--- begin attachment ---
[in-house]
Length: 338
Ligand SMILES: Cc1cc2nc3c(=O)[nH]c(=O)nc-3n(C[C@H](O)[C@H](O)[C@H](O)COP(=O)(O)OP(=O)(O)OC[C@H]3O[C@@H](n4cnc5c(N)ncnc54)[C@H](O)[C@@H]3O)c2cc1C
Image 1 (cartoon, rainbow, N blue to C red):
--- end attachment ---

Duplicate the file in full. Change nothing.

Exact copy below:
[in-house]
Length: 338
Ligand SMILES: Cc1cc2nc3c(=O)[nH]c(=O)nc-3n(C[C@H](O)[C@H](O)[C@H](O)COP(=O)(O)OP(=O)(O)OC[C@H]3O[C@@H](n4cnc5c(N)ncnc54)[C@H](O)[C@@H]3O)c2cc1C
Image 1 (cartoon, rainbow, N blue to C red):